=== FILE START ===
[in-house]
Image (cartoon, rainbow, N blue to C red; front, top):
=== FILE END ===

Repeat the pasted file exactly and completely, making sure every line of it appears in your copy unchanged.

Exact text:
[in-house]
Image (cartoon, rainbow, N blue to C red; front, top):